Gene: From the first season?

Elizabeth: No, the first two seasons I thought were so good, it’s been really crazy the past couple seasons.

Gene: Yes. I just said to my wife… They’re starting season five. It just recently started, and I said to my wife, “They’re in season five of House of Cards?” Like we haven’t watched it since the second season because it got a little out of control.

Elizabeth: It’s based on a British series, right?

Gene: Yeah.

Elizabeth: Did you watch that?

Gene: Yeah, we did. Francis Urquhart was the name of the Prime Minister and then it was called… Now I’m blanking… We watched it years ago and it was excellent.

Elizabeth: Yeah, I’ve heard the British version…

Gene: His name was Francis Urquhart and he was the Prime Minister… Francis Urquhart, everybody referred to him by his initials.

Elizabeth: Oh, funny.

Gene: The whole show going on, it was very funny.

Elizabeth: All right, so those are our two recommendations. Big Little Lies-

Gene: And House of Cards-

Elizabeth: …which I previously recommended, and House of Cards. But start from the beginning. The first two seasons were just really good and then it just…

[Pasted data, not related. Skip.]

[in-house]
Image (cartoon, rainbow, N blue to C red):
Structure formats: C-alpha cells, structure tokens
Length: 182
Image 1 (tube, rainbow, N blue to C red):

Gene: I’ve got plenty more, we’ll talk later.

Elizabeth: Oh yeah, next episode.

Gene: Plenty more, so we’re going to watch a lot of TV.

Elizabeth: Yeah, come back for more TV recommendations. Okay, we’ll be right back with our question, which is about “Should I reduce my employee hours or should I lay them off?”

Gene: Fire them all.

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QUESTION: Can I Reduce Employee Hours Rather Than Laying Them Off?

Elizabeth: Okay we’re back. This question is from Nico in Cloudcroft, New Mexico, and Nico runs a music store. Already I feel like that’s kind of an industry that’s-

Gene: Thinking Breaking Bad, right? You know what I mean?

Elizabeth: Yeah.

Gene: I’m just thinking of like that whole scenery… A lot of empty streets, you know.

Elizabeth: Alright, so Nico asked this question.

Gene: Not Tiko, Nico right?

Elizabeth: Nico.

“I think I need to downsize but I really don’t want to lay anyone off. Are there other options? Could I reduce some people’s hours instead of laying them off?”

Well, yeah. You could reduce hours.